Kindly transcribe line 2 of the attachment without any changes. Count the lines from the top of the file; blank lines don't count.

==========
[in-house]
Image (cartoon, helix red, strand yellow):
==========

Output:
Image (cartoon, helix red, strand yellow):